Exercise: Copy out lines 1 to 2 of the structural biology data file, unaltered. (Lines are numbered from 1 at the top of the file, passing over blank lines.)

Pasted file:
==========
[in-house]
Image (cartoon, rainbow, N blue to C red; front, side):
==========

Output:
[in-house]
Image (cartoon, rainbow, N blue to C red; front, side):